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British Industrial History

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Dukinfield Furnace

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of Dukinfield, Cheshire

Established by Richard Crowder of Dukinfield Lodge.

1783 Advertisement: 'Iron Furnace and Foundery. THE PUBLIC is hereby informed, That the Proprietor of DUKINFIELD FURNACE, within seven miles of Manchester, after having expended several Thousand Pounds, hath brought the IRON WORKS there to great Perfection. The Original Intention of fitting up Iron Works at Dukinfield, was only with a View of consuming the COALS within Dukinfield, Coals could not be fold in that Neighbourhood, and of selling Pig Iron. But as there is not a sufficient Sale of PIG IRON, the Proprietor informs the Public, That large CASTINGS of all Sorts will in future be made from the iron, which has been tried and found to be as good as any in Great-Britain, at the following Prices, viz. All Sorts of large Castings, bringing their own Moulds, Ten Shillings per Cwt. Pipes-from Four Inches to Fourteen, completely finished, without any further Expence, at Twelve Shillings, per Cwt. Bored Pipes in Proportion. Large Furnace Bars, Bearers, Fire Doors, and Frames, at Nine Shillings per Cwt. And all Sorts large Iron Work done in the same Proportion. The whole for ready Money only. One, Two, or Three Hundred Tons of good Grey Pig Iron, to be disposed of at 5l. 10s. per Ton, laid down at Manchester, or 5l. 6s. at Dukinfield Furnace, Ready Money. A compleat Moulder of large Castings will meet with the greatest Encouragement at the aforesaid Furnace, applying to Mr. Richard Crowder, at Dukinfield Furnace. No small Work of any Kind will taken at present, but any ingenious Man of a good Character, that can be well recommended, and is conversant with small Castings and small Work of all Sorts, by applying as above, may take upon himself that Branch of the Trade, without the Help of a Capital.'[1]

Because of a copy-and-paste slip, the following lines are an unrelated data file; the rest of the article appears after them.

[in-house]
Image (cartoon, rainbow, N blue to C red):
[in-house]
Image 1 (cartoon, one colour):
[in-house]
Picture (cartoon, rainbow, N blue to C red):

1792 'To be SOLD, At Dukinfield Blast Furnace, THREE CYLINDERS, six Feet high, by four Feet three Inches Diameter, with the Wind Chest, Pipes, Cranks and Levers, and all other Materials thereto belonging; they are all in excellent Order, and new at Work. Any Person desiring to purchase the same, may apply Mr. Richard Crowder, of Dukinfield aforesaid, who will treat with them or the same.'[2]

See Also


Sources of Information

  1. Manchester Mercury, 29th April 1783
  2. Manchester Mercury - Tuesday 21 February 1792